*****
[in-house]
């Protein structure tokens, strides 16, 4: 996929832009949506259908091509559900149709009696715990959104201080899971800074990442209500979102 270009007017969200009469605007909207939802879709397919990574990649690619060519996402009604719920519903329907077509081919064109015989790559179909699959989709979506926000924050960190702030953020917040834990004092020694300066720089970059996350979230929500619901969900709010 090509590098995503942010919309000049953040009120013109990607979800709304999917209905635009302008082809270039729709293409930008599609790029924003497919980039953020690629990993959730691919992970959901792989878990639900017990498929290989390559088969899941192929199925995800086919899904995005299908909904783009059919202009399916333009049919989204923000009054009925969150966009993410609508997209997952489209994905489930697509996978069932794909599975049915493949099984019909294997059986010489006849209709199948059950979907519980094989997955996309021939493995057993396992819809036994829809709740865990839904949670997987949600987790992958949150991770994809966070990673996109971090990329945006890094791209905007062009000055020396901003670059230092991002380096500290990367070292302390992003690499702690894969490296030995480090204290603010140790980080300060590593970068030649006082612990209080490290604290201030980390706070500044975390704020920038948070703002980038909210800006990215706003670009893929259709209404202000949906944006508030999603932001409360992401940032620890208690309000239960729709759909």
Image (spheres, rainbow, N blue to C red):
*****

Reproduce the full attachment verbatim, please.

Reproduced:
[in-house]
């Protein structure tokens, strides 16, 4: 996929832009949506259908091509559900149709009696715990959104201080899971800074990442209500979102 270009007017969200009469605007909207939802879709397919990574990649690619060519996402009604719920519903329907077509081919064109015989790559179909699959989709979506926000924050960190702030953020917040834990004092020694300066720089970059996350979230929500619901969900709010 090509590098995503942010919309000049953040009120013109990607979800709304999917209905635009302008082809270039729709293409930008599609790029924003497919980039953020690629990993959730691919992970959901792989878990639900017990498929290989390559088969899941192929199925995800086919899904995005299908909904783009059919202009399916333009049919989204923000009054009925969150966009993410609508997209997952489209994905489930697509996978069932794909599975049915493949099984019909294997059986010489006849209709199948059950979907519980094989997955996309021939493995057993396992819809036994829809709740865990839904949670997987949600987790992958949150991770994809966070990673996109971090990329945006890094791209905007062009000055020396901003670059230092991002380096500290990367070292302390992003690499702690894969490296030995480090204290603010140790980080300060590593970068030649006082612990209080490290604290201030980390706070500044975390704020920038948070703002980038909210800006990215706003670009893929259709209404202000949906944006508030999603932001409360992401940032620890208690309000239960729709759909």
Image (spheres, rainbow, N blue to C red):